Several Britons have been killed fighting with the YPG in Syria
Briton who fought against ISIL faces terrorism charge
A Briton who travelled to Syria to join a Kurdish militia has become the first person from the UK to face a terrorism charge for fighting against ISIL.
London's Metropolitan Police force said on Wednesday that James Matthews, 43, is accused of “attending a place or places in Iraq and Syria where instruction or training was provided” for terrorist purposes.
In March, a Jim Matthews was a signatory on an “open letter from British YPG fighters on London attacks” posted on a Kurdish news website. It urged people not to give in to extremism following several deadly attacks.
Mr Matthews, a former soldier, is due in court on February 14 to be formally charged. Fellow British fighters said that Mr Matthews has been back in the UK for nearly two years and has been teaching English in central London.
Several Britons have been killed fighting with Kurdish YPG militia against ISIL and Mr Matthews’ supporters said that dozens of Britons had also travelled to the region. The criminal case against Mr Matthews raises questions about whether others could face similar action.
Supporters claimed that he was being “unfairly persecuted” and criticised the decision to bring a case against him.
Irishman Joshua Molloy, a former YPG fighter, questioned the message that the criminal charge sent to the Syrian Democratic Forces (SDF) fighting ISIL in a post on Twitter.
Turkey considers the YPG to be a “terrorist” group as well as the Syrian offshoot of the Kurdistan Workers' Party (PKK) which has waged a bloody three-decade insurgency against the Turkish state and is considered a terrorist organisation by the United States.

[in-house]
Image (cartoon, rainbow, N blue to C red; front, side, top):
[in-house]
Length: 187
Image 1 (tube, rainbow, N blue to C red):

Mr Matthews appeared in a 2015 documentary on British fighters, alongside 24-year-old fellow volunteer Jac Holmes, who died in Raqqa in November. Other volunteers have been arrested and questioned, including Joshua Walker who was acquitted of unrelated terror charges.
Macer Gifford, 31, from Cambridgeshire, told The National that he had travelled on three occasions to join the YPG since 2014 but had always dismissed the possibility that he would be arrested. He said he last saw Mr Matthews at the funeral of Mr Holmes earlier this month.
“It concerns me enormously because the charge is incredibly vague and it applies to everyone including myself,” he said. “He did no more or no less than what we all would have done.
“I don’t think that any jury in the land will convict him on the charges against him. It’s not in the public interest.”